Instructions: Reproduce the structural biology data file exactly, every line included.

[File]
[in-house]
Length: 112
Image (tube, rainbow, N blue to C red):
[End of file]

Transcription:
[in-house]
Length: 112
Image (tube, rainbow, N blue to C red):